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Russian investigators say ex-minister blocking probe
MOSCOW (Reuters) - Russian investigators accused former Defence Minister Anatoly Serdyukov on Friday of trying to obstruct their inquiry into a suspected $100 million fraud, the biggest corruption scandal of President Vladimir Putin's third term.
Serdyukov was fired by Putin in November after more than five years in office and is now a witness in a case in which a former subordinate, Yevgeniya Vasilyeva, is accused of fraud and embezzlement over deals involving Defence Ministry property.
Vasilyeva, 33, was charged in connection with a string of cut-price deals in which, investigators say, prime real estate was sold off to insiders at a loss to the taxpayer of at least 3 billion roubles ($98 million).
She was found to have paintings, rare antiques and more than 100 expensive rings when her apartment was raided in October.
The former minister, seen as a loyal Putin ally in years heading the Russia's tax inspectorate and the military, was summoned by the federal Investigative Committee for the second time and refused to answer questions, the committee said.
It said Serdyukov and his lawyer, Genrikh Padva, had "informally laid out their version of events in a way that benefits (Serdyukov), but did not answer uncomfortable questions of substance".
Padva said Serdyukov "had prepared answers to many questions that he understood could concern the prosecutors, and he presented them in written form and said he does not consider it possible to give any other evidence."
The Investigative Committee said it was Serdyukov's constitutional right to decline to give evidence against himself or relatives but that the choice prompted "puzzlement at the least" and warned that he could at some point become a suspect.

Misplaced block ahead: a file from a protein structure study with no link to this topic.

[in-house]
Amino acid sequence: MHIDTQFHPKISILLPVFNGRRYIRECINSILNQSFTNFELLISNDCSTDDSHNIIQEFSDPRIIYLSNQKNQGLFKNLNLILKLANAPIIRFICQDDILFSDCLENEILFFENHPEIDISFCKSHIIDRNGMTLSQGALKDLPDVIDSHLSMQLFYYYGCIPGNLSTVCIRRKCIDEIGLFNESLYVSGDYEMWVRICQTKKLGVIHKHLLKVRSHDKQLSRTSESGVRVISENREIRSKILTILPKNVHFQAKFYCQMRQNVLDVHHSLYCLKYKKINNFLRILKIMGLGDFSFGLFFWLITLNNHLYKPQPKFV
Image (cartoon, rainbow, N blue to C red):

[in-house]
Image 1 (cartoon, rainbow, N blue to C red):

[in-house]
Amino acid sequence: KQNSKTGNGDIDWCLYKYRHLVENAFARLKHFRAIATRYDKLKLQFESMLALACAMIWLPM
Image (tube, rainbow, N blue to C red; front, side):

"In the given situation, the stance of the former defence minister can be regarded by the investigation as his effort to hinder the inquiry," the committee said in a statement.
The committee said it was "entirely possible" his status could be changed from witness to suspect.
It is extremely rare for a former Russian government minister to be prosecuted in a criminal case since the collapse of the Soviet Union in 1991.
Putin has made renewed promises to crack down on corruption in his new six-year term, which began in May, but critics say graft has worsened since he came to power in 2000.
Serdyukov, 51, made no comment as he left the Investigative Committee headquarters in Moscow. Vasilyeva, who is under house arrest in her large Moscow apartment, has not spoken publicly about the charges.
Russia ranked 133rd, alongside Honduras and Guyana, out of 174 states in Transparency International's 2012 Corruption Perception Index.
(Reporting by Gabriela Baczynska; Editing by Steve Gutterman and Robin Pomeroy)
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